Dog kidney: Anatomical relationships between intrarenal arteries and kidney collecting system.The Anatomical Record (2007)
AbstractThe detailed findings of canine intrarenal anatomy (collecting system and arteries) are presented. Ninety-five three-dimensional endocasts of the kidney collecting system together with the intrarenal arteries were prepared using standard injection–corrosion techniques and were studied. A single renal artery was observed in 88.4% of the casts. The renal artery divided into a dorsal and a ventral branch. Using the branching pattern of the ventral and dorsal divisions of the renal artery, the vessels were classified in type I or type II. Type I presented a cranial and a caudal artery, whereas type II presented a mesorenal and a caudal artery. Cranial branches of dorsal and ventral arteries supplied the cranial pole in 90.5% of the specimens. Caudal branches of the dorsal and the ventral divisions of the renal artery irrigated both the caudal pole and the mid-zone of the kidney in 95.8% and 98.9% of the cases, respectively. In all casts, caudal branches of both dorsal and ventral arteries supplied the caudal pole. Therefore, the caudal branches of the ventral and dorsal divisions of the renal artery are of utmost importance in the kidney arterial supply. Although many results of renal and intrarenal anatomy in dogs may not be completely transposed to humans, the anatomical relationship between arteries and the collecting system in the cranial pole of the dog kidney is similar to those in man. This fact supports the use of the dog as an animal model for urologic procedures at the cranial pole.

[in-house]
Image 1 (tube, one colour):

Citation InformationBPS Marques-Sampaio, MA Pereira-Sampaio, Robert W Henry, Luciano Favorito, et al.. "Dog kidney: Anatomical relationships between intrarenal arteries and kidney collecting system." The Anatomical Record Vol. 290 Iss. 8 (2007)
Available at: http://works.bepress.com/robert_henry1/21/